In Ed's case yes if you have to keep rebooting old systems then declace windows of opportunity where you can do this (Once agreed with the business) - publish the times and log incidents or standard changes (either is ok for this tyoe of pre approved activity).

If the action to reboot the server is not because of the above - you need to get approval to go ahead an reboot is - remember one physical server can now run many apps / VM's so other can be affected in trying to fix the other issue (therefor control and approval is needed here). How you get control and approval as John said is not hard and fast written ruloes but ITIL loks for this under emergency change process. In reality this can be a process you make up if you want as long as you cover the key areas of control, communication and approval.
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UrgentJensen
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PostPosted: Thu Jun 12, 2008 8:48 pm    Post subject: Reply with quote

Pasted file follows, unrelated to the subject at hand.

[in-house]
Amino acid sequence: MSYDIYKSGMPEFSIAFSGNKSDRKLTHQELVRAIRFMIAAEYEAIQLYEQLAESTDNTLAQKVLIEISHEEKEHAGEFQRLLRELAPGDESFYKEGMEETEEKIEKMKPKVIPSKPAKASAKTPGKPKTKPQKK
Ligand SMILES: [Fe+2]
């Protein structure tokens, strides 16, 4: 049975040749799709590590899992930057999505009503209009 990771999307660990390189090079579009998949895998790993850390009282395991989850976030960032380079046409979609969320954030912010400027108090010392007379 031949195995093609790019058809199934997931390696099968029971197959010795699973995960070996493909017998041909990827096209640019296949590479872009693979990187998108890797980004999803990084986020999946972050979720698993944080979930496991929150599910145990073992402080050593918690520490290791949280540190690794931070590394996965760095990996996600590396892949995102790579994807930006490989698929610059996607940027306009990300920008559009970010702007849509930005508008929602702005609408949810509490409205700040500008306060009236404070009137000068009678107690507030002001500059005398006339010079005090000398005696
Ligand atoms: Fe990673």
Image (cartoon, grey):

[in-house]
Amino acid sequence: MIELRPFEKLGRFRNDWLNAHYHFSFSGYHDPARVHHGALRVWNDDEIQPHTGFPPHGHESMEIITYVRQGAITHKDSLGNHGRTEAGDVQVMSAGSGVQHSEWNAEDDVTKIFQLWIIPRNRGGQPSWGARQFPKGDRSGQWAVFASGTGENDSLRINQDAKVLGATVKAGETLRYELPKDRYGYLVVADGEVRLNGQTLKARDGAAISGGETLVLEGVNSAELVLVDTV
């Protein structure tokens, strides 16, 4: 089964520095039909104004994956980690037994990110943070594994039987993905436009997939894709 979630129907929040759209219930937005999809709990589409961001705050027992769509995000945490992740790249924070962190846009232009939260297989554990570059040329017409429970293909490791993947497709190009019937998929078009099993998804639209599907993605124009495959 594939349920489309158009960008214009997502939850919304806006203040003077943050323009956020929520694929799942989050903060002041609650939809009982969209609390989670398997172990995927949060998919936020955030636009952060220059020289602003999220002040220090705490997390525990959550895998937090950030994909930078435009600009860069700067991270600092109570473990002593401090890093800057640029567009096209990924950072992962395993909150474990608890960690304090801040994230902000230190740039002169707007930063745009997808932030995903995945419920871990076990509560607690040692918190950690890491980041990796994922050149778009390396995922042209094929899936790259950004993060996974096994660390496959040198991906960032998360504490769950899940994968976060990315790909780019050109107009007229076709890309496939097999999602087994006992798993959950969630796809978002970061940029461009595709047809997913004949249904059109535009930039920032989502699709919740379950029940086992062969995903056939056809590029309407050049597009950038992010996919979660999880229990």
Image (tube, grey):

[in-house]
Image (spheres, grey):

The best way to do it is to reboot after everyone else has gone home, so they'll never know.

UJ
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Ed
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PostPosted: Fri Jun 13, 2008 12:26 am    Post subject: Reply with quote

Mark-OLoughlin wrote:
Hi,

I love the debate on this this subject.


So do I - What makes it sweeter is that John absolutely bl@@dy hates it Laughing Laughing Laughing
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UKVIKING
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PostPosted: Fri Jun 13, 2008 12:30 am    Post subject: Reply with quote

Ed,

No I dont. hate it that is

I just think it is going to be the undying thread

And .....

these are the servers that you are looking for
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Ed
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PostPosted: Fri Jun 13, 2008 4:54 pm    Post subject: Reply with quote

Thanks Mate

I wondered where the hell they had gone!!!! Laughing